That same day and during the next few months, Shelton's retained counsel filed several motions for recusal of the trial judge (Division D), recusal of the judge (Division H) presiding over the motion to recuse the trial judge and re-allotment of the proceedings to the judge in Division I.[12] The motions and Shelton's post-conviction application alleged that his original criminal charges were allotted to Division I and by manipulation of the prosecutor, and because of his subsequent arrest on a different rape charge, the entire matter was moved to Division D, where Shelton eventually entered his guilty plea. He argues that this denied him due process and the matter should be renewed before Division I.

         On April 5, 2017, the state judge in Division H heard argument on the motion to recuse and re-allot and ordered additional briefing, including the State's responses to the motions and the post-conviction application.[13] At a May 3, 2017, hearing, the court denied the motions to recuse and re-allot, because allotment to Division D for trial was proper under the rules of the court.[14] The record and independent research of staff of the undersigned magistrate judge indicate that the state trial court has not yet ruled on Shelton's second application for post-conviction relief.

         On July 25, 2017, the Louisiana First Circuit denied Shelton's counsel-filed writ application seeking review of the denial of the motions to recuse and re-allot.[15] On December 17, 2018, the Louisiana Supreme Court denied the related writ application.[16]

         II. FEDERAL HABEAS PETITION

         On January 30, 2019, the clerk of court filed Shelton's federal habeas corpus petition in which he asserts the following grounds for relief:[17] (1) He was denied due process in the allotment process. (2) The state trial court in St. Tammany Parish lacked jurisdiction over his case, because the alleged crime occurred in Washington Parish. (3) He was denied effective assistance of counsel when his counsel failed to challenge the allotment and jurisdiction of the court. (4) There was prosecutorial misconduct during the allotment process, and he received ineffective assistance when his counsel did not challenge it.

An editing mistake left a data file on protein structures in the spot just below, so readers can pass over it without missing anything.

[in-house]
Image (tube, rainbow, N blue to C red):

On March 6, 2019, the State filed a response in opposition to Shelton's federal petition, asserting that the petition is time-barred and reserving its right to assert lack of exhaustion and other defenses and/or address the merits of Shelton's claims, if necessary.[18]

         III. GENERAL STANDARDS OF REVIEW

         The Antiterrorism and Effective Death Penalty Act of 1996 (“AEDPA”), Pub. L. No. 104-132, 110 Stat. 1214, comprehensively revised federal habeas corpus legislation, including 28 U.S.C. § 2254. The AEDPA went into effect on April 24, 1996[19] and applies to habeas petitions filed after that date. Flanagan v. Johnson, 154 F.3d 196, 198 (5th Cir. 1998) (citing Lindh v. Murphy, 521 U.S. 320 (1997)). The AEDPA therefore applies to this petition deemed filed on January 14, 2019, when it was signed by Shelton, and filed on January 30, 2019, when the filing fee was paid by his counsel.[20]

         The threshold questions in habeas review under the amended statute are whether the petition is timely and whether petitioner's claims were adjudicated on the merits in state court; i.e., the petitioner must have exhausted state court remedies and must not be in “procedural default” on a claim. Nobles v. Johnson, 127 F.3d 409, 419-20 (5th Cir. 1997) (citing 28 U.S.C. § 2254(b), (c)).

         The State correctly asserts that Shelton's federal petition was not timely filed. For the following reasons, Shelton's petition must be dismissed ...